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Once Upon an Ordinary School Dayby Colin Mcnaughton
Synopses & Reviews
A celebration of extraordinary teachers!
The boy's breakfast is ordinary, his walk to school is ordinary, even his thoughts are ordinary. But when he goes to his classroom and sits down at his desk, his day begins to change - a new teacher, Mr. Gee, bursts into the classroom with an extraordinary idea that challenges all the children to use their imagination. Suddenly an ordinary day is turned topsy-turvy, and the boy is inspired in a way that will change him forever.
The rollicking words and pictures celebrate the unexpected in this tribute to great teachers and students everywhere.
Once Upon an Ordinary School Day is a 2006 Bank Street - Best Children's Book of the Year.
"On a dull day washed in creamy shades of gray, an 'ordinary boy' goes to school. Repetitive language sets the routine as he has 'an ordinary game of soccer with his ordinary friends until the ordinary school bell rang.' But then, 'something quite out of the ordinary happened.' Into the classroom struts a skinny, balding teacher carrying a phonograph; his ochre yellow suit and the blue-green records under his arm break into the heretofore gray background. (Publishing insiders will smile at a record cover picturing a stern composer and labeled 'Klaus Flugge.' The U.K.'s Andersen Press, founded by Flugge, originally published this book.) The man exhorts the children to 'close your eyes, open your ears, and listen' to the music, then asks them to write what the sound helps them imagine. In Kitamura's (Comic Adventures of Boots) full-bleed spreads, the boy's suitcoat goes from charcoal to blue, and bland duotones yield to a rush of sunlit color as he gets 'lost in the game — the storytelling game.' He dives with dolphins in a midnight blue sea, soars with white birds above patchwork green fields, and dreams 'extraordinary dreams.' McNaughton (the Preston Pig books) describes a simple writing exercise, which doesn't work for all the students and begs the question of what constitutes creativity. The main attraction here is the Wizard of Oz shift from overcast hues to a lush palette: Kitamura's vibrant visuals transform what is, truth be told, an ordinary tale of inspiration. Ages 5-8. (Mar.) " Publishers Weekly (Copyright Reed Business Information, Inc.)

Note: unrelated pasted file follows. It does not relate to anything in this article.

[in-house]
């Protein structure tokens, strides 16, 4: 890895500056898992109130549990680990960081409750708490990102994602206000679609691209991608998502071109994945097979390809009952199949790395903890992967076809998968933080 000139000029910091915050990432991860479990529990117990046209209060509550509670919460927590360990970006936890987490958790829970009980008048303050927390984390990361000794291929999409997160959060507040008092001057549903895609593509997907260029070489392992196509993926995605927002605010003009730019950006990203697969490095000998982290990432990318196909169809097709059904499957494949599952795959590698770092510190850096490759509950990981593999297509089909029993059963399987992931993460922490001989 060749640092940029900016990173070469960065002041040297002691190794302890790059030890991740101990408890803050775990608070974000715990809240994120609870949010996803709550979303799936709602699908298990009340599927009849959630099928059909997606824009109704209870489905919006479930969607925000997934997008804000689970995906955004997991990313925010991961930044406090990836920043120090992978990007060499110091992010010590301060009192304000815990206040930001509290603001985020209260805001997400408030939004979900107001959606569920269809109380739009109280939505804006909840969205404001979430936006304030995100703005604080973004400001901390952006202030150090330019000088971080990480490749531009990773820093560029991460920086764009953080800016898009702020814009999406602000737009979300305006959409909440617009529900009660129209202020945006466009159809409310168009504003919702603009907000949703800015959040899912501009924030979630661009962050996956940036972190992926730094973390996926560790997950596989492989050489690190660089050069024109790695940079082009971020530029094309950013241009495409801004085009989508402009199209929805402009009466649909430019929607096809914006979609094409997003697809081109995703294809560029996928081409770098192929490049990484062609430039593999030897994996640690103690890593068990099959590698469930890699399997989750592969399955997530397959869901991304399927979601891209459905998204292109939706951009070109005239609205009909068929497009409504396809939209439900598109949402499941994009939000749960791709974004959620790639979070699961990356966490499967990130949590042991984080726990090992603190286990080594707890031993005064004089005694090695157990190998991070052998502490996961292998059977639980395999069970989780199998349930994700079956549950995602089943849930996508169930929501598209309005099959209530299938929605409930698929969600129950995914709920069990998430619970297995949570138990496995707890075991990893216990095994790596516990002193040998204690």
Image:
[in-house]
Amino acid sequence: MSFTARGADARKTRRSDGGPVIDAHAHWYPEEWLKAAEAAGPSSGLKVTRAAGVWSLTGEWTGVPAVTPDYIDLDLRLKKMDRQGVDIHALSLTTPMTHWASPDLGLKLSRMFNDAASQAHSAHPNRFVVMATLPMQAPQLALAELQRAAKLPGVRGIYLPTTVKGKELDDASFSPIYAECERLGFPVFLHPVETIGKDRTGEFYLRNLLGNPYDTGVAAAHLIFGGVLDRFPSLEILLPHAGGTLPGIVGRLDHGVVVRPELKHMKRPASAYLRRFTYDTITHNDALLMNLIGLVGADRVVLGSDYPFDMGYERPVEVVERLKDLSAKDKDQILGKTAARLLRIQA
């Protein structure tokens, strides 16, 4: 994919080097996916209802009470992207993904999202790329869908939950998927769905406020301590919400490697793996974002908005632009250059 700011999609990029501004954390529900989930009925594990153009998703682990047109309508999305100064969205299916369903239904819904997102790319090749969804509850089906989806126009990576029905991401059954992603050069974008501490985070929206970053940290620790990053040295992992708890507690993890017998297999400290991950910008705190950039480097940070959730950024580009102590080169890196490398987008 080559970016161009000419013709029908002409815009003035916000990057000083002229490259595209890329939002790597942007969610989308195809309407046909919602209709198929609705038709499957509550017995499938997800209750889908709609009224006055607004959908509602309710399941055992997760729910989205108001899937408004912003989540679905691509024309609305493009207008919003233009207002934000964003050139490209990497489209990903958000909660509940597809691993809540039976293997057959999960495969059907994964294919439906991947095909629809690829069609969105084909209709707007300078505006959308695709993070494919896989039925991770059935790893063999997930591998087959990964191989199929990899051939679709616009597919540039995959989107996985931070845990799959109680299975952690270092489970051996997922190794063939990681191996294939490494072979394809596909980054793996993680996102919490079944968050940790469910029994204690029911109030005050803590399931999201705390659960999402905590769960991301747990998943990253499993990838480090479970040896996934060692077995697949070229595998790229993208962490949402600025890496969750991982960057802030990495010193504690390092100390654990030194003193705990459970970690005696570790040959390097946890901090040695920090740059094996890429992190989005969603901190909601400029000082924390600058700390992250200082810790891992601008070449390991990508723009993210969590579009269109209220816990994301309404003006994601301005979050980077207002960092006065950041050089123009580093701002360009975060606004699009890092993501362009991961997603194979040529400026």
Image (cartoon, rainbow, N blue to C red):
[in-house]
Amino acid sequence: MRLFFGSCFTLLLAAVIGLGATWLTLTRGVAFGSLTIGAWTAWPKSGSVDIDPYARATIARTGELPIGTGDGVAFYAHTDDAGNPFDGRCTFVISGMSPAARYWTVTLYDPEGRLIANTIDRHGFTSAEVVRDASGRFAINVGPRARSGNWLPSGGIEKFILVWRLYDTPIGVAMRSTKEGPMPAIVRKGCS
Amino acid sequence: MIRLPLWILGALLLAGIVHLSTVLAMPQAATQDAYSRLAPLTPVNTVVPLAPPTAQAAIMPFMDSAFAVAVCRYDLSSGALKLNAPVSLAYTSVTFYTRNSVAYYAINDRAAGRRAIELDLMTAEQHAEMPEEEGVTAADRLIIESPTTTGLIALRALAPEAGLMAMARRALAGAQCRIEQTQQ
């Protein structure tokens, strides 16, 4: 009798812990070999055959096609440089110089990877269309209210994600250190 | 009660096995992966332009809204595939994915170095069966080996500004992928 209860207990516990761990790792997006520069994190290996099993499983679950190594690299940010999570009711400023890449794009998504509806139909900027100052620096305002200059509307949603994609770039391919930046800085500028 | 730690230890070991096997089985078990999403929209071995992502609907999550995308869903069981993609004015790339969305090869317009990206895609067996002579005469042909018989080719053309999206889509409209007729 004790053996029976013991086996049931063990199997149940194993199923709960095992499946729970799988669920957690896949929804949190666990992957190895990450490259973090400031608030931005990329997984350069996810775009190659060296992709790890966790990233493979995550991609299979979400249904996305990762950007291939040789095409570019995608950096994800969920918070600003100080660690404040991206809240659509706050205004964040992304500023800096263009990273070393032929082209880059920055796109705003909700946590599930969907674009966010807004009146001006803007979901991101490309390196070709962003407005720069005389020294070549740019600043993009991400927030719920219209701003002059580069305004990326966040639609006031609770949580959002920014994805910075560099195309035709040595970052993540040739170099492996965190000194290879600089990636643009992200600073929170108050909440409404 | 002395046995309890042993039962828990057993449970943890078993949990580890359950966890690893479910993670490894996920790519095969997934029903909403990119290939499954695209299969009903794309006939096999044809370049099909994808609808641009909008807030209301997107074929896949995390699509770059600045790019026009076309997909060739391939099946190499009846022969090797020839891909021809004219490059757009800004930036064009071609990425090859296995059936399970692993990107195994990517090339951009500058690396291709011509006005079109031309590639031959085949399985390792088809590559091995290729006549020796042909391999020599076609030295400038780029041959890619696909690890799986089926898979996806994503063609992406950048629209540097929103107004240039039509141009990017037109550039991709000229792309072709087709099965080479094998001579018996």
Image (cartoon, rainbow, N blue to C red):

About the Author
Colin McNaughton has written and illustrated over sixty children's books. He lives in London, England.
Satoshi Kitamura is the prize-winning author and illustrator of many books for children, including Me and My Cat? and, most recently, Comic Adventures of Boots. He lives in London, England.
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